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posted by martyb on Tuesday March 29 2016, @02:48AM   Printer-friendly
from the no-laughing-matter dept.

The Zika virus has been known for quite some time, but it gained notoriety recently due to its possible linkage to birth defects.

Science News has a summary report on Zika virus:
https://www.sciencenews.org/article/special-report-heres-what-we-know-about-zika

A report on the studies of its possible linkage to microcephaly, a birth defect of babies with undersized and underdeveloped brains:
https://www.sciencenews.org/article/how-zika-became-prime-suspect-microcephaly-mystery

In short, studies are continuing, evidence is mounting, but still not quite a confirmation.


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  • (Score: 0) by Anonymous Coward on Tuesday March 29 2016, @03:09AM

    by Anonymous Coward on Tuesday March 29 2016, @03:09AM (#324200)

    One of the worst aspects of climate change is the loss or northern shift of four-season temperate zones away from current areas of dense human population, leaving behind climates hospitable to vast assortments of dangerous and novel critters ranging from microscopic to larger than man.

  • (Score: 2) by c0lo on Tuesday March 29 2016, @04:35AM

    by c0lo (156) on Tuesday March 29 2016, @04:35AM (#324221) Journal

    leaving behind climates hospitable to vast assortments of dangerous and novel critters ranging from microscopic to larger than man.

    Solution: occupy those niches before the critters do.
    After losing the War on Drugs and with the War on Terrorism not putting enough in the MilInd coffers, the War on Critters becomes a necessity.

    (grin)

    --
    https://www.youtube.com/watch?v=aoFiw2jMy-0
  • (Score: 1) by khallow on Tuesday March 29 2016, @04:48AM

    by khallow (3766) Subscriber Badge on Tuesday March 29 2016, @04:48AM (#324230) Journal
    In the good old days before evil climate change, malaria was present all the way up to Chicago [the-scientist.com] in the eastern US and southern England [wikipedia.org] in Europe. It's not at all a stretch to expect, even in the hypothetical complete absence of climate change, for the Zika virus to assume a similarly broad range in the absence of human intervention.
    • (Score: 0) by Anonymous Coward on Tuesday March 29 2016, @03:59PM

      by Anonymous Coward on Tuesday March 29 2016, @03:59PM (#324403)

      No question the critters are adaptive, but I'd rather we don't help them out by making an ideal habitat for their colonies. Florida has a much bigger problem with invasive species compared to the US northeast. That doesn't mean you can't find these pests living in the wild up north.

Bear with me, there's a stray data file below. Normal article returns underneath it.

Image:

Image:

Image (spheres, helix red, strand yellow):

• (Score: 2) by HiThere on Tuesday March 29 2016, @07:02PM

      by HiThere (866) on Tuesday March 29 2016, @07:02PM (#324458) Journal

      Not clear, though possibly true. Zitka seems to require a particular species of mosquito, which I don't believe is currently present. A coulple of cases in Florida an Texas may mean that it's starting to arrive...or may represent some other source of infection. I believe shared bodily fluids could do it, possibly even a kiss. And most people are essentially asymptomatic.

      OTOH, I'm not an expert in any of the related areas. I'm relying on vague memories of general science news reporting, so any of this could be wrong in two or three different ways.

      --
      Javascript is what you use to allow unknown third parties to run software you have no idea about on your computer.
      • (Score: 3, Informative) by khallow on Thursday March 31 2016, @02:12PM

        by khallow (3766) Subscriber Badge on Thursday March 31 2016, @02:12PM (#325263) Journal
        The two species of Adeles genus mosquitoes which are known to spread Zika virus go well into [wsj.com] the US:

        A study published online Wednesday in the New England Journal of Medicine shows the potential range of Aedes aegypti, a tropical mosquito species that is the primary carrier of Zika, blanketing the southern U.S. and reaching as far north as San Francisco; Kansas City, Mo.; and New York City. The likely extent of another Zika-carrying mosquito species, Aedes albopictus, stretched across the Southwest and covered most of the eastern U.S., including northern New England, according to the study conducted by the Centers for Disease Control and Prevention.

        Previously, the CDC’s maps showed the ranges of both species generally concentrated in the South, though Aedes albopictus ranged north to New York City and Illinois. The changes were based on new data collected by the CDC and its local partners that show where the mosquitoes have been found. Areas where the mosquitoes are endemic—Puerto Rico, Hawaii and the Gulf states—remained the same.